Today, the yoga bungalow where we’re staying was decked out in its finery ready for puja, which is a kind of Hindu offering ceremony, and we were all invited. The offering was made to the Hindu gods Lakshi (goddess of wealth and good fortune) and Ganesh (remover of obstacles) in order to help bring success to the the yoga bungalow, as the busy season commences.
This was the first Hindu ceremony I’ve ever attended, apart from the wedding of our local curry house owner’s daughter a long time ago (yep, we were regulars at the curry house!), which is rather a blur except I remember that the bride had tears running down her face throughout the whole service, and definitely not from joy. I remember my dad told me at the time that, in Hindu marriage, the wife symbolically leaves her own family and instead becomes part of the husband’s family. My own eyes had welled up as I watched that poor girl sitting on the giant stage, looking so scared and lost whilst everyone partied on around her. Anyway, I digress…
For the puja, we were invited to sit on the floor around a small shrine that had been erected in the yoga hall. The shrine comprised a picture and statue of Ganesh on a low table, decorated in fresh flower garlands and fruit, with candles, incense and small pots of honey, milk and yoghurt beneath the table.
A man, who I was under the impression was BNS Iyengar, presided over the service, chanting in a deep voice, putting teaspoons of milk and honey on the statue and ringing a little bell. Seeing as BNS Iyengar is 89 years old, I spent most of the time marvelling at the age-defying powers of yoga, as this man was fresh-faced and mobile, with a full head of black hair. I only realised my mistake afterwards, as a grey-haired, bespectacled Iyengar shuffled in to take our pranayama course, every inch the grand old man – he did arrive on a scooter though!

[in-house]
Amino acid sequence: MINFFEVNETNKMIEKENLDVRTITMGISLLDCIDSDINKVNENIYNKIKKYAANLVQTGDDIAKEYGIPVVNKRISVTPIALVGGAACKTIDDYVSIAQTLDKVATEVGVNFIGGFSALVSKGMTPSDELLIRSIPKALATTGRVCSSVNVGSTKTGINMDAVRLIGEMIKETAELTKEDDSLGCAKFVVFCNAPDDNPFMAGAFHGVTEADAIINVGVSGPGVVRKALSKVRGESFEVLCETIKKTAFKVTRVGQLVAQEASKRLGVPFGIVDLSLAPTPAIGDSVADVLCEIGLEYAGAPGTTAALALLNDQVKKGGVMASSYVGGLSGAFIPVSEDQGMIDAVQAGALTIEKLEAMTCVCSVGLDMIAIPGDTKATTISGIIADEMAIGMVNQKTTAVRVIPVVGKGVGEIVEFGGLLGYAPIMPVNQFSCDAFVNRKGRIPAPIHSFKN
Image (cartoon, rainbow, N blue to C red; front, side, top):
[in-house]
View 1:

Throughout the ceremony, the chanting barely stopped, and we were invited to throw fresh cut flowers onto the statue. We were then all given a bindi (a dot of red powder on our forehead) and blessed with smoke from the incense, then bowls of fruit were handed out for us to eat. The other yogis there, who have been in Mysore for a while, seemed to know what to do, so I guess these puja ceremonies are quite common – certainly you see many people, both Indians and westerners, with bindis every day. It reminded me a bit of Sundays when I was young, yawning and swinging my legs in church as the vicar droned on, but I was quite chuffed to have popped my bindi cherry – I’m sure it won’t be the last one!
Afterwards, free lunch was provided to all at our café – we were served a gorgeous thali (a mixture of different curry dishes with chapatti and rice) on a segment of banana leaf – an ingenious use of foliage to avoid both washing-up and extra land-fill waste.
I also had my first pranayama (breathing practice) class with the aforementioned BNS Iyengar today – it feels very special to be learning with one of the last remaining students of Krischnmacharya. He is old-school (I half expected to have our knuckles rapped when we made a mistake) and he has a thick Indian accent that was hard to understand at first. But he has a wonderful, open smile and a twinkle in his eye, and I really warmed to him. We are learning the basics first, which is perfect, as pranayama is something I have of course done lots of over the years, but have never studied in earnest before.
I am feeling so very happy to be here. Mysore brims over with friendly, warm and welcoming people – both the Indians and the huge array of westerners who flock here for the yoga. The yoga set is incredibly diverse – as well as the many yoga teachers out here, we’ve also met a Norwegian oil-rigger, a French interior designer, a Hungarian economist, a Finnish farmer, a German climbing instructor, a Spanish circus performer and the Ukrainian manager of ‘The Laughing Cow’, just to name a few – all united by a love of yoga and an urge to travel to its homeland and learn at source. It’s a magical thing… 🙂